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Will COP21 produce a meaningful result and what might the impact be on capital markets over the long term?

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20 November 2015

Charlie Thomas discusses the upcoming COP21 climate change conference.

Charlie Thomas, Manager, Jupiter Green Investment Trust.

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There can be little doubt that momentum is growing ahead of December’s UN Climate Change Conference in Paris. A key question for investors is whether the conference will produce a meaningful result and therefore the impact it might have on capital markets over the long term. We haven’t forgotten the hope and expectation on show ahead of a largely calamitous Copenhagen conference in 2009. Rather, it’s because of the previous disappointments – and moreover the strategic lessons that have been learned – that we believe there may be a more constructive outcome.

There are three key areas that have given us cause for optimism ahead of the conference. The first of these is the fact the US now appears to be on board. There has never been a climate conference ahead of which the US has come to the table with a definitive commitment to cut emissions. Now, the Obama administration has pledged to cut carbon emissions by 26-28 per cent by 2025 compared to 2005 levels, and deliver an 80% cut by 2050. Equally important have been China’s recent policy commitments that have gone a long way to placating “us and them” doubters in the West.

The second reason for optimism is the introduction of the Intended Nationally Determined Contributions (INDC) programme and the prospect that these will be reviewed and potentially tightened every five years (while being careful to avoid ‘backsliding’). We believe this ‘bottom up’ approach may prove to be a masterstroke of diplomacy as it replaces the idea – shown to be futile in Copenhagen – that an overarching global deal could be struck by imposing a ‘top down’ cap on global emissions. Almost 150 countries have made emissions cuts pledges under the INDC scheme in recent months and we believe this scheme will help avert some of the squabbles and backroom deals that featured in Copenhagen.

The third reason for hope about a constructive outcome to the conference is the proliferation of local-level INDC-style commitments from a range of cities, regions, counties and investors under the NAZCA (Non-State Actor Zone for Climate Action) scheme. This programme was established as part of the Lima Paris action agenda in 2014, with an aim of helping to provide confidence to governments ahead of the Paris talks. These pledges have included large economic zones, such as California, the 8th largest economy in the world, which has made a significant pledge to reduce carbon emissions by 50% by 2020 versus 1990 levels, and 80% by 2050.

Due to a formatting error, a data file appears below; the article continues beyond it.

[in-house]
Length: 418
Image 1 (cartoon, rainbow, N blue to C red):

There will no doubt be sticking points, including the moot point about the legal framework that has featured in the press recently. However, the most significant of these is likely to be around the gap between what has been pledged and the aim to prevent a rise in global average temperatures of greater than 2°C above pre-industrial levels. While individual country pledges for emission cuts have generally gone further than had been widely expected, analysis by Climate Action Tracker and Grantham Research Institute on Climate Change and the Environment suggest that a gap remains; estimates from the former indicate the INDC pledges will lead to a 2.7°C increase in global temperatures. How the gap between what is needed and what is pledged is construed will set the tenor of negotiations, especially from countries like Bolivia, for example, which is a high risk country when it comes to climate change. While these countries understandably are likely to be vocal about the short comings of the INDC pledges, we believe tensions may be mitigated by firm plans to review the INDCs every five years.

Overall, we remain pragmatic. UN climate conferences tend to be fraught events. Seeking agreement at the supranational levels is bound to be challenging, especially given the economics and myriad vested interests involved. However we remain optimistic and believe that now key emitting countries such as the US and China have shown willing, the stage is set for constructive talks. And while there will invariably be shortcomings for now in terms of how aggressively the scientific community says the world economy needs to decarbonise, the potential introduction of a five yearly review of INDCs presents cause for optimism that the goal of limiting global warming to 2°C may ultimately be achieved, and has the potential to underpin the longer term growth of our investment area. If agreed, this review process could have significant implications for our investment area and bolster investment in rapidly developing, disruptive technologies – the development of which will be a shaping force behind future policy commitments, in our view.

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